Monday, 22 March 2010

A Public Sector Mountain And Molehill

Warning: Transport-related post, it could be time for you to go and do something less boring instead.

Regular readers will remember my describing the ninth circle of bureaucratic, business-obstructing, hell this time last month.

Yes, it's still rumbling on. In fact, one of our more experienced office staff has been almost exclusively working on solving the whole state-created mess so, in time and motion terms, this entirely irrelevant episode has already cost us in the region of £2k.

Sometimes, though, even when taking on the role of a prize in some public service inter-departmental game of pass-the-parcel, there are still moments which stand out as world class form-filling ineptitude. Here is a prime cut.

Having booked one vehicle in for a DVLA inspection last week as a test case (this exercise in itself took best part of two hours and could only be arranged for three weeks from the time of phoning), we decided that it would be more indicative for our purposes if a different vehicle was sent, so rang up to notify them for their records.

You're probably ahead of me already here. Of course it wasn't as easy as merely changing the vehicle registration on their computer - what were we thinking?

Naturally (for the public sector), the appointment would have to be cancelled and re-booked ... at the back of the queue. Still, we had already paid the - customarily-extortionate - £280 fee, so at least that wasn't a concern. Right?

Wrong. That would have to be cancelled too or, more accurately, the fee refunded by the same method as our remittance.

So, the simple process of changing a vehicle registration number for an inspection, which has yet to take place, finishes up as a cancellation, a re-booking, a further delay of another week, a cheque drawn by the DVLA and posted to us, and our writing a fresh cheque and remitting it back to them.

Because, presumably, the computer said no.

Still, what are businesses for if not to provide employment and circumlocution opportunities for mentally under-endowed box-tickers and water-cooler gossipers, eh?

To boost the economy by injecting profits, did you say? How very last century. Get with the programme, Grandad.


thespecialone said...

You should try working in the public sector and getting something done easily! For the most simple of jobs, lets say you need access to a database that you must have to do your job? A quick call and its arranged? No! You have to fill in a long form, and you have to provide a business case that cannot just say something simple. No! It has to be a true business case. No matter that the past 5 incumbents of the particular post needed the access, you still had to provide the business case. On top of that, it then has to be approved by your line manager. Does it then come through immediately? No! You have to wait potentially up to 6 weeks. The bureaucracy is incredible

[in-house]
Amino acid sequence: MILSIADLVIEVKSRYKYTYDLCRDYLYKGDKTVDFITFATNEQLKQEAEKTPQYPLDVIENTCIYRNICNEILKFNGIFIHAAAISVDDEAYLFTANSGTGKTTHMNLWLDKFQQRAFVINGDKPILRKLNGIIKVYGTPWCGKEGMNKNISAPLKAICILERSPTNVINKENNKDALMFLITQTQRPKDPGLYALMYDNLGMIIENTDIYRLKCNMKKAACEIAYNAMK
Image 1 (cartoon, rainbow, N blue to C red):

Dick Puddlecote said...

Thespecialone: Perhaps I should qualify the 'mentally under-endowed' description to exclude those withinthe public sector, like yourself, who understand the problem. :-)

Having said that, there are plenty who are quite willing to make life easy for themselves, by adhering to the rules laid down by the cocktrumpet further up the scale, rather than engaging brain.

Gordon the Fence Post Tortoise said...

I accept there's a few honest souls at the coal face but experience would suggest they're a small minority and that the hairless chimps who affect the airs of management are in general incompetent beyond belief (or reasoning with).

It's all about the triumph of process over delivery.

I'd rather they replaced them all with Nigerians - then, at least - you know where you stand.

I'm partway through a process with a gubmint agency and the obstructiveness and goalpost moving has hardened our attitude to the point where we're spending time researching said agency's legal mandate to actually regulate our activity - on the basis that even the fine (if any) would be cheaper than trying to collaborate in a nice way and getting crapped on at each turn.

It really doesn't have to be like this.

Mrs Rigby said...

Yes, well we know they're being paid to push money round in circles.

w/v cattle

Joe Public said...

But is the pragmatic solution to just switch number plates?

Dick Puddlecote said...

Joe Public: We thought of that, but it's a three hour test (to look briefly at the floor and a couple of seats, I kid you not) so in between having spanner fights, they might look closely at the log book.

BTS said...

Giz a job Dick..?

You know I'll happily work for a bottle of crap vodka a day (£7.32 in Asda the last time I looked) and 2 packets(ish) of baccy a week.

I'm a demon on the phone to guvmint tossers and it's not like I need food or anything..

JJ said...

Slightly off topic DP, hope you don’t mind…but it does exemplify the almost bullying stance that the DVLA do adopt.

Sometime time ago I sent in my paper licence to have a previous speeding conviction expunged. DVLA then sent me a form for a photo licence saying that the paper licence had been destroyed, because they no longer issue paper ones.

They never consulted me first about destroying my property, nor did they ever inform me it was now their policy.

I’ve since been caught by camera for speeding and have pleaded guilty by post, and will of course have 3 penalty points on my licence.
As you know the paper licence expires when you are 70, but the photo licences have to be renewed every 3 years.

I strongly believe that the DVLA should replace my paper licence, why should I apply for a photo licence just so that the courts can put on their three points?